The intent of LDH is to implement this rule in the 2022 Fall school semester. Each November schools are expected to report to LDH the number of students who meet the published immunization schedule or who have submitted exemptions. If this rule is enacted, 11th and 12th grades will report on COVID-19 vaccinations and exemptions starting November 2022. This provides schools and families ample time to prepare.
This rule change is a priority for the Department of Health because we believe the loss of life endured throughout the 21 months of this pandemic, and particularly the loss of young life, has simply been untenable. A total of 18 children have died with COVID-19 in Louisiana. Of those, 9 children died during our most recent Delta surge. Many more have been hospitalized. Over 275 children in our state have suffered from Multisystem Inflammatory Syndrome in Children (MIS-C), some of whom remain in critical condition. Vaccines are our single greatest tool to fight back against COVID-19’s profound toll of morbidity and mortality. Moreover, the vaccines available to us are a true gift, the fruits of a bipartisan and interdisciplinary development process that exemplified the very best of what America can achieve – a medical and public health feat of herculean proportions. The Pfizer vaccine has since received full licensure and approval by the FDA, the highest endorsement of safety and efficacy offered by the U.S. government. Although in Louisiana it always remains a student’s or parent’s choice, we owe it to our next generation to reduce as many barriers as we can to ensure they have the upmost opportunity for protection.
The effort to save lives in this unprecedented pandemic is hindered by the unintentional promotion of myths and misinformation, and the deliberate propagation of intentional disinformation. As a practicing emergency physician, I can tell you firsthand of the patients I have cared for who fell victim to mis- and disinformation, and some who paid the ultimate price. It is an easy trap to fall into, as this pandemic has been fast-paced and often confusing. U.S. Surgeon General Dr. Vivek Murthy has referred to COVID-19 and related vaccine misinformation as one of the most urgent public health threats we face today. In the interest of providing families the most accurate information possible, I’ll address a few of the more recent myths we have seen.
Dr. Joseph Kanter is taking on some of the “myths” that the Louisiana Department of Health has seen below:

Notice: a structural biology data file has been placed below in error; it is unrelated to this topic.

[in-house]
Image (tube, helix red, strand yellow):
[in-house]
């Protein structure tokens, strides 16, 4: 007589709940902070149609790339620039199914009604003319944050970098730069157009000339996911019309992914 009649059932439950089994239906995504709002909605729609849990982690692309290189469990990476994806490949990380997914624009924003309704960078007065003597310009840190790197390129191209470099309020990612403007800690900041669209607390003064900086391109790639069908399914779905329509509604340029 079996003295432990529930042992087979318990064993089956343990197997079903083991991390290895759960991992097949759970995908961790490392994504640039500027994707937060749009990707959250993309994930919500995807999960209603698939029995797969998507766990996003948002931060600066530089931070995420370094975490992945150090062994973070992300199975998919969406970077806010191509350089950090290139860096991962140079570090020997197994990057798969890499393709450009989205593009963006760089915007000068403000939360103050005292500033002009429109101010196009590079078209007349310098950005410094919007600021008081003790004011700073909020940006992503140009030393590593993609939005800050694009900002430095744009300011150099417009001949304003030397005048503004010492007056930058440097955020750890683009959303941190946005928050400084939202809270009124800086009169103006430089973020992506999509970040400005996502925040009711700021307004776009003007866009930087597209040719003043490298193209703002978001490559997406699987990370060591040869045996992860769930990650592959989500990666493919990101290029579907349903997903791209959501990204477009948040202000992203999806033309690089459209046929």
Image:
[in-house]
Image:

- It is incorrect to suggest COVID-19 does not impact children or adolescents.
“In this last Delta surge over 25% of new COVID-19 cases were in children. As noted, 18 children have died, over 275 have been inflicted with the severe condition MIS-C, and many others have experienced the deleterious, persistent effects of long COVID. In addition, studies have also shown children and adolescents are highly effective vectors of COVID-19 and often spread the disease to their older family members.”
- It is incorrect to suggest the 3 COVID-19 vaccines available in the US are experimental.
“The terms investigational or experimental are used by FDA to refer to therapeutics or vaccines which are currently undergoing phase 1, phase 2 or phase 3 clinical trials. The Moderna and Johnson & Johnson vaccines have been granted Emergency Use Authorization, a designation given after progression through phase 1, 2 and 3 trials in an effort to expedite usage when time is of the essence. The E in EUA stands for Emergency, not Experimental. Once a drug receives Emergency Use Authorization it is no longer investigational or experimental. Still further, the Pfizer vaccine has received FDA’s full licensure and approval for ages 16 and up, the very highest endorsement of safety and efficacy the US government has to offer. As it relates to this proposed rule, the COVID-19 vaccine will only be added to the schedule for ages which have received the high endorsement of full FDA licensure and approval.”
- It is incorrect to suggest vaccines are only worthwhile if they eradicate infections.